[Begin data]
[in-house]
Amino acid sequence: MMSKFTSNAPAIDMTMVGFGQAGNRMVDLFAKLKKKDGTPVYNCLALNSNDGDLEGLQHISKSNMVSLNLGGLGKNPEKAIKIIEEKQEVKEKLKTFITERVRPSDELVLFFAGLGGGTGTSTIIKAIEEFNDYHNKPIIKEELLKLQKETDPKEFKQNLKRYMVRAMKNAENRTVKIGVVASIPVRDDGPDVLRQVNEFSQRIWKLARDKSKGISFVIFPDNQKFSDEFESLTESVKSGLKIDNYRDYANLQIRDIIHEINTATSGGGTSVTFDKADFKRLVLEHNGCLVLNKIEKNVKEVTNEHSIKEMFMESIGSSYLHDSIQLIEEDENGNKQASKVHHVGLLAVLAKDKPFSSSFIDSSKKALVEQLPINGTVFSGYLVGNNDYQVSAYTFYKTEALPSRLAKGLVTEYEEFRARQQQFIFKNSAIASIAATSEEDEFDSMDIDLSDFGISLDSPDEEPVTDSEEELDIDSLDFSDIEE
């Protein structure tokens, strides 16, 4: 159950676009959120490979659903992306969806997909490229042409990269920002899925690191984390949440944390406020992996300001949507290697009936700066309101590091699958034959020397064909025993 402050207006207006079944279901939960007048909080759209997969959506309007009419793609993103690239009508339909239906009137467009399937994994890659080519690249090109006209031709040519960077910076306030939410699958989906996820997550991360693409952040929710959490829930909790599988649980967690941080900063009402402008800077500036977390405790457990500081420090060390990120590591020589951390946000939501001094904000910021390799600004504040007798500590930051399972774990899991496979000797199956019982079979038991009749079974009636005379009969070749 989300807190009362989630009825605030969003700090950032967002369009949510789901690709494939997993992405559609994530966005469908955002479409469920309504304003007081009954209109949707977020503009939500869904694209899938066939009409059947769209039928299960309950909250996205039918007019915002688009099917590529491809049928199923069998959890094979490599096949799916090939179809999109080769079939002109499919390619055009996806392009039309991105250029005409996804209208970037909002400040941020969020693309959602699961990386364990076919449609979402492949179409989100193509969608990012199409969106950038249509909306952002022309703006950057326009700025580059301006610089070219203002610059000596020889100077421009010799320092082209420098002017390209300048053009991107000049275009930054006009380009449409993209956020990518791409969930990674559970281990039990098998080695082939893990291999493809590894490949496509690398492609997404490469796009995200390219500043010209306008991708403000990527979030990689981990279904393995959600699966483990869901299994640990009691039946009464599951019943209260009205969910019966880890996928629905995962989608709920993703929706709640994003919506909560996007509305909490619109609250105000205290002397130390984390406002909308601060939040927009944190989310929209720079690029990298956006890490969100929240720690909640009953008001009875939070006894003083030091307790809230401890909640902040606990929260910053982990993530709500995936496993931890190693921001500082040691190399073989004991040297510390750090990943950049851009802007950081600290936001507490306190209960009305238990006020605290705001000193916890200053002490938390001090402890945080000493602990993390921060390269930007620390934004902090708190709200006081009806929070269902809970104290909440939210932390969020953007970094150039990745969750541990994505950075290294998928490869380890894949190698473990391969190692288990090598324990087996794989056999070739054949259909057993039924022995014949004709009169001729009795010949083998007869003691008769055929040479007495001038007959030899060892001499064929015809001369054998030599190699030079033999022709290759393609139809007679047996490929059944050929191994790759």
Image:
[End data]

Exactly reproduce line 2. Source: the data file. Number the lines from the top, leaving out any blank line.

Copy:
Amino acid sequence: MMSKFTSNAPAIDMTMVGFGQAGNRMVDLFAKLKKKDGTPVYNCLALNSNDGDLEGLQHISKSNMVSLNLGGLGKNPEKAIKIIEEKQEVKEKLKTFITERVRPSDELVLFFAGLGGGTGTSTIIKAIEEFNDYHNKPIIKEELLKLQKETDPKEFKQNLKRYMVRAMKNAENRTVKIGVVASIPVRDDGPDVLRQVNEFSQRIWKLARDKSKGISFVIFPDNQKFSDEFESLTESVKSGLKIDNYRDYANLQIRDIIHEINTATSGGGTSVTFDKADFKRLVLEHNGCLVLNKIEKNVKEVTNEHSIKEMFMESIGSSYLHDSIQLIEEDENGNKQASKVHHVGLLAVLAKDKPFSSSFIDSSKKALVEQLPINGTVFSGYLVGNNDYQVSAYTFYKTEALPSRLAKGLVTEYEEFRARQQQFIFKNSAIASIAATSEEDEFDSMDIDLSDFGISLDSPDEEPVTDSEEELDIDSLDFSDIEE